Learning to Understand

 In Adapting, Emotional Impacts, Pain Management, Understanding

Life is about learning. Learning for exams, learning for proficiency, learning for skill attainment. How often though, is it simply about learning to understand? Truly understand? When you or someone you love has hypermobility, you start to realise that learning to understand is of the utmost importance.

After 20 years of nursing, resigning was the first hard career decision I had made in, well 20 years. Never having aspired to be a nurse (it was a financial decision) it ended up a good one. It linked my passion for science with a caring personality and I was good at it. My decision to resign was as a result of a pregnancy that left me struggling to walk. I had pelvic instability and at that time no diagnosis of hypermobility. There were times that I felt like my hip was going to dislocate and I also had post natal depression.

Everyone who I told about that his sensation looked at me like I was losing my mind. Initially I didn’t work for two years after the pregnancy, by which time I realised that nursing wasn’t physically appropriate any more. It was then that I resigned from my job as a registered nurse in a rural hospital.

Instead I started a Masters of Education. Having always reflected on my practice in the past, teaching has reinforced this belief. In the teaching course, I have had to reflect on educational experiences as both a student and during teaching placements. Reflection is essential for both teachers and nurses; I am starting to find a lot of common ground between the two. I am also learning the importance of learning to understand and its link to compassion and empathy. Whilst no one can fully understand another persons experience, you can understand enough to be empathetic and caring.

During the last 2 years, I found out I am hypermobile, as is my sister and my eldest daughter. Plus, I suspect a number of my father’s family also have or had hypermobility. Now that I am unable to get over the counter codeine for the bad days, I am reliant on doctors for prescriptions. Having moved to Melbourne, I no longer have doctors who know and trust me not to ask for too many scripts. I now feel guilty for asking for pain relief because I think that they are judging me, as I can now admit I judged others as a nurse. They don’t know who I am, they don’t know about hypermobility and that I don’t like taking tablets.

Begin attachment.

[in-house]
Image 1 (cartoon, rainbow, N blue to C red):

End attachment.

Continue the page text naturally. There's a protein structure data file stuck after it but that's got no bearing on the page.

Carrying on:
Receiving this diagnosis, doing my research and my current experiences have led me to reflect on my previous nursing practice. In some ways I must admit I was not as good a nurse as I thought. I judged those with chronic pain, invisible pain, the pain I now have. I was wrong. People with diagnoses that were acute, surgical, or chronic conditions like Motor Neuron Disease etc, I would do whatever I could to help them. Chronic back pain of unknown aetiology (unknown cause) and sometimes other causes, I was not the supportive person I thought I was. I tried, but there was a limit. If the patients came in for pain relief, I was more likely to be short tempered when they kept asking me for pain relief after I had given them everything I was allowed to.

It is hard to learn about myself, and just as hard to admit. Because of this awareness, I am trying harder to be supportive of my daughter. She also has hypermobility, worse than mine; she started complaining of pain at 2 years of age. Of course, nothing showed up on tests. She suffers headaches, leg pain, arm pain and stomach pains. My mother thought I was a hypochondriac for my whole childhood. I won’t do that to someone I love.

Having listened to her complain of stomach pain for years, with no known reason, I stopped listening to my husband who believes I “put all my problems on her”. She is now on an exclusion diet for dairy intolerance, which I suspected when she was young, but my husband didn’t agree with. Needless to say, when I told her about it and my past she said, “do you believe me, mum?” I said “yes” and told her “that’s why we were trying no cow’s milk for a week”. Guess what? She isn’t sick any more. She is feeling more secure in my love and support and knows that she can tell me if something is wrong. She is no longer sick all the time, and she is a lot happier.

I have learned so much already on this journey, about myself, my attitudes, and how my behaviour can impact other people. I’m excited to be on a journey to become a teacher, but I know that I will always have a little bit of nurse in me (which isn’t a bad thing with a condition like EDS!).

Life has an amazing way of directing us where we need to go. How has your diagnosis changed the course of your life in a positive way?

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